The Arikara, also sometimes referred to as the Arikaree or Rees, are the northernmost fragment of the Caddoan language group. The earliest known habitat of this linguistic group is thought to be within the southern drainage area of the Mississippi but some think possibly the southwestern parts of the United States. In any case it is apparent that the wanderings of the Arikara have covered a vast range of territory. The Arikara are an offshoot of the Pawnee Nation, and more directly the Skidi band of that tribe. The dialect of the Arikara and the Skidi is slightly different from the other three bands of the Pawnee. While the Skidi stayed in the Loup River area of present Nebraska the Arikara split off and journeyed further to the north in the Dakotas. According to Spanish accounts the separation occurred about 1734, following an extended intratribal war. Their numerous village remains have been located along the Missouri River from near the mouth of the Platte to the Knife River area of North Dakota.
The Arikara lived in numerous earth lodge villages and had a large population with some estimates as high as 25,000 people separated into as many as ten sub-divisions. A series of devastating smallpox epidemics in the late 1700s decimated the tribe so much so that by October 1804 and the arrival of Lewis and Clark, only a small percentage of the original population remained. One deserted earth lodge village after another greeted the expedition as it neared the Arikara homeland. All the expedition found were three villages all located on a three-mile-long island at the mouth of the Grand River. The total population was reduced to roughly 2,600 individuals.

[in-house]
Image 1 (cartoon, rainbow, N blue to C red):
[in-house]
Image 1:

The Arikara women were farmers with their major crops being corn, beans, squash, tobacco, watermelon, and pumpkins. Often the gardens supplied a surplus which was traded to the nomadic tribes such as the Kiowa and the Cheyenne when they weren’t at war. Hunting was also a major supplier of food and the men hunted bison, elk, deer, and antelope.
The tribal enemies of the Arikara were many and included the Comanche, Kiowa, Cheyenne, and the different Lakota (Sioux) tribes. At times they were at peace with the Mandan and Hidasta, but more often were at war. The Arikara were well aware of where the smallpox came from and they declared war on all whites. In 1823 they attacked and killed a large group of white traders which induced the United States to send a large expedition north from Ft. Leavenworth to retaliate. The Lakota joined and the Arikara were attacked in their fortified village and had to escape under the cover of darkness. They then went to live in the south with the Skidi Pawnee until they were forced to leave and they move back north. Further disease and warfare caused them to combine with the remnants of the Mandan and Hidasta. The Fort Berthold Reservation was created in 1880 for all three tribes and most Arikara still reside in North Dakota.
Author: Kansas Historical Society
Author information: The Kansas Historical Society is a state agency charged with actively safeguarding and sharing the state's history.
Date Created: December 2011
Date Modified: December 2015
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